The next steps in the development of these tests are to finalize the design of the plastic bags with input from industrial designers and materials scientists, finalize the formulation of the bacteriological medium, and find companies that can produce these at very low cost. The current cost for the prototype, using materials purchased at U.S. retail prices, is between $1.25 and $2.25, depending which fecal bacteria are being detected. Dr. Sobsey believes the final cost will be well under $1, and possibly even as low as 10 cents.

“The current situation of no suitable tests for fecal bacteria in water is both intolerable and unnecessary. The small price to pay for knowing the safety of drinking water could reap enormous benefits in terms of improved health, increased productivity, and better quality of life.”

—Mark Sobsey, PhD, Environmental Health Microbiologist

Source: launch.org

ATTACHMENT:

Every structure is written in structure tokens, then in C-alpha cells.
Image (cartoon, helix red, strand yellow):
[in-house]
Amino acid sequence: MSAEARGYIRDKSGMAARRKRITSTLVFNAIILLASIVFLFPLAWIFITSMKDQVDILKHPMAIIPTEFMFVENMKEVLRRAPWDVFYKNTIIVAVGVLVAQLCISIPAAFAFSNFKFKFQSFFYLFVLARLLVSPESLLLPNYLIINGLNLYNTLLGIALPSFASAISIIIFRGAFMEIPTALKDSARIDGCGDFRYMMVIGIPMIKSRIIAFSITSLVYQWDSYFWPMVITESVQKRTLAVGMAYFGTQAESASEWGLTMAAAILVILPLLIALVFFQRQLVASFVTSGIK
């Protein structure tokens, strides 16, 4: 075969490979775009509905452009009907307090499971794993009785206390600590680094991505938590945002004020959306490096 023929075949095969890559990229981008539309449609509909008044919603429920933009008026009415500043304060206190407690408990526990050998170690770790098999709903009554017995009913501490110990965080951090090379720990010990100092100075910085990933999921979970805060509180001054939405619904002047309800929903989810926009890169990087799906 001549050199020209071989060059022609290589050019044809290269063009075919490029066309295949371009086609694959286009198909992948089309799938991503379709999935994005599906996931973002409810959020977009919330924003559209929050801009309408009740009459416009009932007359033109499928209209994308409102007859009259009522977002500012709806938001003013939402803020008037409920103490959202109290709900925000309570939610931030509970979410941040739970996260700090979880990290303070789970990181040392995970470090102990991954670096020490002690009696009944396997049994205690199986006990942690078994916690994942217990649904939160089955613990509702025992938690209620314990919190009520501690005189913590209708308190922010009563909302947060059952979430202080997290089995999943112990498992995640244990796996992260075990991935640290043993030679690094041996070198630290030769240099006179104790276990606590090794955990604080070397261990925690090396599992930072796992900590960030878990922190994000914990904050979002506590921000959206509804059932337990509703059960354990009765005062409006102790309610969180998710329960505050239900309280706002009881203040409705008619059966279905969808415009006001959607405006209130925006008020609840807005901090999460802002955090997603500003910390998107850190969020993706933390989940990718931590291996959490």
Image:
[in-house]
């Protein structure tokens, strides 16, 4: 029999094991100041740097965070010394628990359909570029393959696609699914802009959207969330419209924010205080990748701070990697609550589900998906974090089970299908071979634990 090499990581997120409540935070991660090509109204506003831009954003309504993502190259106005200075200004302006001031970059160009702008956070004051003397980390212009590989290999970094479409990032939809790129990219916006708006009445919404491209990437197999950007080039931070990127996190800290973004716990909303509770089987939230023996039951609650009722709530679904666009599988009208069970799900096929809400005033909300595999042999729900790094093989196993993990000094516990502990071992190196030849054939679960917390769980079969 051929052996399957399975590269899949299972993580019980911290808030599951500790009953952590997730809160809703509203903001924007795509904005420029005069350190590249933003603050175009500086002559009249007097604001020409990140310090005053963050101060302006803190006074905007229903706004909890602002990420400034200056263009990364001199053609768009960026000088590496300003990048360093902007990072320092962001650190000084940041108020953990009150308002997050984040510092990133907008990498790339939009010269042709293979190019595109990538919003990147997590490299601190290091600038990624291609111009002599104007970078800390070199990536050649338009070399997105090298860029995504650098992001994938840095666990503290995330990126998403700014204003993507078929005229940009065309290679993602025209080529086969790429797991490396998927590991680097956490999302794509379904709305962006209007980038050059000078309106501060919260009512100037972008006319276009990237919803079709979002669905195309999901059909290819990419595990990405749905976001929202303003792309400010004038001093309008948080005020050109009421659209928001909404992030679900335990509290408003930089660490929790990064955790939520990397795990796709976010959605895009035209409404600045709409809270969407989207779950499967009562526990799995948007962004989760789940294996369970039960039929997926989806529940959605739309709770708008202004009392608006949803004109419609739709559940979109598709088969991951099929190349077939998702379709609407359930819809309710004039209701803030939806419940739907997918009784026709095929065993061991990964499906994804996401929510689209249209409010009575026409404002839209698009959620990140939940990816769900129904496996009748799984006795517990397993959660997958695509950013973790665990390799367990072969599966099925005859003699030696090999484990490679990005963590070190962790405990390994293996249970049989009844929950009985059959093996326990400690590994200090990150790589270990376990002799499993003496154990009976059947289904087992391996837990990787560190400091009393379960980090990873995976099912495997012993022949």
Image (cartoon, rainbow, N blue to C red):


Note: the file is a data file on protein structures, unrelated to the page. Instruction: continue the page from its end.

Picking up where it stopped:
Many of us take it for granted that our tap water is safe to drink.  Water quality testing is something that many people are unaware of and/or don’t know how to go about.  Even in First World Countries, laboratory testing for microbial water contamination is not necessarily inexpensive or accessible. A widely available, inexpensive testing kit as described above, would be welcomed by people across all classes.  In South Africa, some local municipalities are supplying towns and cities with water of questionable quality (there have been cases of E. coli contamination in municipal drinking water).  Some people believe that borehole water is guaranteed ‘safe’ to drink but this is a fallacy.  Groundwater contamination is a growing problem in South Africa and worldwide. All drinking water should be tested regularly and preferably filtered.  A cost effective solution to contaminated water is the Bio Sand water filter system which can be made from freely available, inexpensive materials.  Knowing the origin and quality of one’s drinking water is a good case for rainwater harvesting (rainwater should still be filtered if used for drinking). Water tanks, either for rainwater storage or for municipal/borehole water storage, are a good way to gain more control of your household water quality.  Testing the water before flows to your house is advantageous and appropriate filtration measures can be taken.  Water Rhapsody’s water systems included rainwater harvesting systems, grey water reuse systems, water saving devices and water tanks (we are official JoJo water tank dealers).  We supply and install all our systems that are covered by a guarantee and lifetime after sales service.  Contact us for a free quote!